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A Struggling Artist

Tuesday July 12th 2016

I’ve been having a hard few days.

I think it’s important to be doing something that isn’t popular, but God damn it can be immensely discouraging!

Not everything has to be mainstream and successful to be heard. Lots of people love our music, even though it doesn’t exist to mainstream or even underground music lovers. Our music and our art is outside of any genre you could put it in. We’re not Classical music, or Baroque music, or Tribal music. We’re not vocal music, or instrumental music or avant garde or performance art or… Thoth’s Wiki article is under the category “Outsider Musicians” and it doesn’t even talk about Tribal Baroque. Tribal Baroque only exists because we do it. The only things that come up when you look up our name are things we created. Our website, our vlogs, our blogs, etc. We have a documentary, but no one even knows it exists. If we didn’t go out in public and play our music, it wouldn’t exist. It’s incredibly fragile and small and insignificant. I have to keep going and doing and creating despite it all. The most important thing is to create. Fuck it if no one is interested. Most people would have given up a long time ago and done something else. We don’t base our success on outside approval. We base it on our desire to make something we feel is beautiful and are proud of.

It’s amazing how people of all generations have made such incredible art and music in their lives and no one paid attention to them. People would even sneer and make fun of them. It seems that all great artists are outsiders in their lifetimes and only find recognition when their dead. Great art is never understood when it exists. It’s too bad really! Thoth is alive now. I am alive now. Tribal Baroque is out in the public daily sharing music with people. We exist now. We won’t exist forever. Our friend Forrest from San Diego put it perfectly. “I get to stand a few feet from you and watch you play. In the future people will wish they could have done that.” I want to create as much as I can while I’m alive so when I’m dead people will have a lot to listen to and read and watch. I think when we’re long gone people will tell themselves, “I would have supported them. I would have gone to see them and been a fan of their work.” But you know what? Most wouldn’t. Most people don’t know how to support something that isn’t officially condoned by others.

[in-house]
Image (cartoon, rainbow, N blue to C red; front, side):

I write because I want my feelings and thoughts to be remembered for the future. I want people to know who I was and what I felt. I am a street performer when I should be singing in opera houses and concert halls. I have been shoved aside my whole life. The music I make with Thoth will probably never be heard by the vast majority of the world. I will work my entire life and make tons of art only to die with little recognition. Thoth has experienced the same, so no doubt it will be the same for me. He made 9 albums with his band and on his own even before he met me, all of which were self-released and very few copies exist. All of our 5 albums under Tribal Baroque are self-released, too. No major fanfare happens when we release them. A handful of people buy them, and then they just sit on our website. Easily accessible, but mostly unseen and unheard. There is a vast treasure trove of music for the world to discover someday, if they choose to. And we haven’t stopped yet. We’ll continue making albums until we’re both dead.

We don’t know how to make people like us or pay attention to us. We’re not good at marketing or selling what we do. We’re good at doing it. Honestly all great artists don’t know how to sell what they do. They know how to make art. Making art is the most important thing. What people think about it or how much recognition I have isn’t important, even though it’s hard sometimes to realize that. People put so much worth into what the world thinks about what one does. The most important things aren’t about how much money or fame or recognition one has, it’s about how one doesn’t ever give up and keeps doing what one want despite lack of recognition. That is where I take pride in. I don’t have much recognition for what I do, and yet I keep on doing it. When we’re gone it won’t be, “Wow they were so well respected and famous.” but “Wow they keep performing and singing and making art and music while being underrated and without major recognition or fame. How the hell did they do that?” We do it because we have to do it. Art is life.